I do research at the Body Scan Lab at Georgia Institute of Technology. A part of that is using 3D scanning as a tool to help me understand the external surface geometry of the human body and analyze how it changes between different people and also how it changes under different activities. This helps me understand the body surface better and consequently, design products that also fit the human body better. I’m passionate about understanding how products are designed to fit us.
This article is about our ears. The main purpose is to share an interesting insight from my research, hoping it’ll spark new methods and thought processes to design products.
When I started to do research about the ears, I learned that ears are as unique as our fingerprints. This means no 2 ears are the same, which wasn’t a huge surprise. Below is an image showing ears of 3 different people.
The canal internal to the head, past the outer ear (highlighted in red) varies drastically in shape among people. This was the actual surprise.
Why you ask? Great question. Imagine designing a sock; all feet usually have the same overall outline, with clearly identifiable features like the arch, toes, a heel, ankle etc.
You can now use this knowledge of the general shape of the foot to design socks in one shape and it’d fit most people. Except for the size of the sock, the overall design remains the same. Now, imagine if each person’s foot was different, different to such an extent that some have no ankles, some have no arch, some have no toes or only a few toes etc. In such a case, one sock design wouldn’t fit many people. This is the challenge with designing in-ear devices.
Even the shape of the canal opening is different for each person. As in the picture, just between 3 people, there are so many differences. What I’ve been trying to do is to find similarities extending across all people so I can use those as guidelines to design products that fit almost everyone’s ears better. It was when doing this that I realized that Apple’s new earphones are actually, objectively, a bad and inefficient design.
I was never a fan of their new EarPods; they were uncomfortable and they hurt my ear after a while. I used to think my ear’s shape was the culprit but it turns out, Apple’s design has a flaw. Read on to find out what…
When analyzing the canal’s shape, I noticed that all ears had this feature in common: the canal takes a turn at the marked point in all ears. Now, when an apple earphone is placed in the ear in the regular position, the output opening of the earbud directly faces the canal’s wall like in the image below.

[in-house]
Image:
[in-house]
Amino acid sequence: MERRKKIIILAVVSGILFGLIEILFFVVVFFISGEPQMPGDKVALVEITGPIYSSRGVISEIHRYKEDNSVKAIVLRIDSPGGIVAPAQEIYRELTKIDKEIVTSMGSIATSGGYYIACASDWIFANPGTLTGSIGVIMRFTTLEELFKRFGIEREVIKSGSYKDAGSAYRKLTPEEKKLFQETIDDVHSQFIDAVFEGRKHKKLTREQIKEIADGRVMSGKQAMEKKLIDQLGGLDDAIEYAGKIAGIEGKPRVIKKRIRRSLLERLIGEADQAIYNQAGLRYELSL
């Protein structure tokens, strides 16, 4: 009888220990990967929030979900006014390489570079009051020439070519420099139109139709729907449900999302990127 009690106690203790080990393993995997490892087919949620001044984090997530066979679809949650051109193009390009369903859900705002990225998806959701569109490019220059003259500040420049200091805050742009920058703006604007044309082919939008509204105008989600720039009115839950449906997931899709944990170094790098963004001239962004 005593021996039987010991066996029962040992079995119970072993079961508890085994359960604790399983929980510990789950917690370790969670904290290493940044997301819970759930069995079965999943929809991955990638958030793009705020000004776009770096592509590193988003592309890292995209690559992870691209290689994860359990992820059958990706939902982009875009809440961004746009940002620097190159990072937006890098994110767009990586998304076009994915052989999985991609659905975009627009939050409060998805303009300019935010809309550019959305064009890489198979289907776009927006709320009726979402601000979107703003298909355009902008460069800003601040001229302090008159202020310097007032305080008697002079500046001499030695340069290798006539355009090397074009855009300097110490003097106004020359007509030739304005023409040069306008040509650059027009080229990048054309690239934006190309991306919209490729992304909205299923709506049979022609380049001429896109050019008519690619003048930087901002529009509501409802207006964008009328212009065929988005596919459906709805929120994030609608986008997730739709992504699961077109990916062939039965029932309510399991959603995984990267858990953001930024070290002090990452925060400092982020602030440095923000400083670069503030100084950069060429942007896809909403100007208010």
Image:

This means the sound isn’t directed into the canal but is expected to bounce around and reach the eardrum. The sharper output edges also touch the ear canal wall in some cases causing discomfort.
However, take a look at these earphones from another company, LeEco.
Did you notice their earbuds have a small curve at the tip? Before analyzing the canal shape, I thought this curve was just a design detail and didn’t offer significant usability gains. But now, it is clear that the curve was intended to direct sound directly into the canal and also prevent contact of the sharp edge with the canal walls. This is more efficient and comfortable.
This is a great example of how new technology like 3D scanning can help us design products that fit our bodies better. By offering us a view of the body’s surface like never before, it empowers researchers and designers alike to pay even closer attention to the minor details, ensuring our end users are offered only the best of product experiences.
This was the insight I wanted to share through this article. I personally love doing these analyses as they help me make educated design decisions. If you’d like to learn more about this project or other ones I’m working on, or have any questions, feel free to reach out at firstname.lastname@example.org.